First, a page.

I know you do the sandhyavandhanam everyday. I have one question about the sankalpam part. How do you do it? I mean, the “bharata varshe bharatah kande meror dakshine parsve sakabde” etc part doesn’t apply at all. I’ve seen some vadhiyars here in the US say “America Varshe” etc.., but that doesn’t seem right.. or does it? Also, I thought the reason why our forefathers did the sandhyavandhanam early in the day, outside the house was because: to maximize the available working time (this made them get up early, getting ready early for the day by taking the snanam as soon as day light broke) and to get fresh air while they did the sandhyavandhanam and clear out their heads which would make them energetic. But then, if I were to do it here, neither would the slokas be relevant to this land, nor would I be able to do it outside because of the frigid weather. So, the primary purpose is not being served. Is it? Also, the Brahmins are supposed to be more leaning towards the path of learning the Vedas & stuff and not to make money. That is not happening either these days, is it? So, its either the everyone is is “Quasi-Brahmin” or not a Brahmin at all and the “pure-brahmin” died centuries ago!!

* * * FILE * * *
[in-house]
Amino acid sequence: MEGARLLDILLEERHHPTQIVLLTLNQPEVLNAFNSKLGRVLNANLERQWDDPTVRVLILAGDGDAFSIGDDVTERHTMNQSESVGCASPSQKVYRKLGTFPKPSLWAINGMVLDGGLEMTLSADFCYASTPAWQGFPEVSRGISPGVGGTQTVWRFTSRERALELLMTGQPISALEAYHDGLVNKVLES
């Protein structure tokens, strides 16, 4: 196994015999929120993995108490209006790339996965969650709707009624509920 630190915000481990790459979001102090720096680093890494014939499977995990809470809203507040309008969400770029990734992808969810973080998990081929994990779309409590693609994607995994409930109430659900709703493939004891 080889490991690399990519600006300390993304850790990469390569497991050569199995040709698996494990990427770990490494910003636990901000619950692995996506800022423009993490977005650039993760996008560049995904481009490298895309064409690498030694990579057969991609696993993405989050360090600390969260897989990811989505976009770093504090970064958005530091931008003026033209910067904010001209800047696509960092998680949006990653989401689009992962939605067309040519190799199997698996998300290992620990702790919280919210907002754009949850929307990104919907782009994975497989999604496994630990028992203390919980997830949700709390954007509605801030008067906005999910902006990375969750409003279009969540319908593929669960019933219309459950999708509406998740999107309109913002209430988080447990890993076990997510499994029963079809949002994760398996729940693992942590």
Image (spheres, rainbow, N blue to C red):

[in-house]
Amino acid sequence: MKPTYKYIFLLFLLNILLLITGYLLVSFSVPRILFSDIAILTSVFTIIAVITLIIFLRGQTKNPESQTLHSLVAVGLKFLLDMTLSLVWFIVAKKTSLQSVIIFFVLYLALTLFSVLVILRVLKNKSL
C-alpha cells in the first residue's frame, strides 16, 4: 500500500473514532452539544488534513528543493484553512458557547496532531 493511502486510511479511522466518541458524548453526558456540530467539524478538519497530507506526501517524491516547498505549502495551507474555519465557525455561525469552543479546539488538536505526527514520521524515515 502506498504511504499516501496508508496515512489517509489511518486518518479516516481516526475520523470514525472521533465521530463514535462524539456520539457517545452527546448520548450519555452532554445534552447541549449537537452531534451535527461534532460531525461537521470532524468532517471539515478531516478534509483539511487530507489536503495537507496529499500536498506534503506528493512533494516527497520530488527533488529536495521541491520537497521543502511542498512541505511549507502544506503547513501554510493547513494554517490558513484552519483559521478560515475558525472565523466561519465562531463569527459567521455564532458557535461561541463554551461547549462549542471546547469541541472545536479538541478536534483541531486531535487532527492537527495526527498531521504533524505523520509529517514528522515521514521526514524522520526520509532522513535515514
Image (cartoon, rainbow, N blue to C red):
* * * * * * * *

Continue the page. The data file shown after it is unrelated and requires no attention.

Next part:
PS: I have one advice for you mom & dad. Assuming that they are thinking about finding you a girl and marrying you off after 4 years, I’d ask them to start right now. And even then, 4 years won’t be enough to find a girl with the right “Quasi-Brahmin” status! :D
My Response
No offence taken (and none intended, needless to say), every single point you raised is valid. I don't know if you went through the comments, but I'd said pretty much what you say below, albeit very indirectly and to a much lesser extent. There's a guy called Ramana (Escape...Great Escape) who raised quite similar points.
Again, the whole point of my blog was directed mainly against those people who go around flaunting themselves as Brahmins. I may not know you well, but from what I know you - Yes, you accept to being a Brahmin, but you don't practise it enough (again, this is my opinion, that's all), consciously or otherwise. But I have not seen you going around with this attitude of being a Brahmin, someone *supposedly* superior intellectually/whatever crap. Neither have I seen you trying to justify your actions with some totally random, amazingly misguided, nonsensical illogical logic. (I don't know what kind of person I come across to you as, but though I have always had strongly Brahministic feelings [sans superiority or needless/unimportant discriminative/divisive tendencies] and believe in it a lot, I never intentionally flaunted it or carried this I-am-an-uruppadi-mayiru demeanour. Apologies if I did or came across that way. This is just fyi so you know me better, as a good friend.)
I know my post is quite long, and reading it once is a feat in itself. I don't want to peethify or put vetti scene, but if you read it again, you will probably understand it a bit better. Quite like my previous post on Arranged Marriage. There is an undercurrent of satire in the whole blog post which gives away my state of confusion, though I still stand by what I say, if you understand it the way I said it.
I mean, wrt this post, why, at all do we need to be a Brahmin? We need to be good human beings, first and foremost.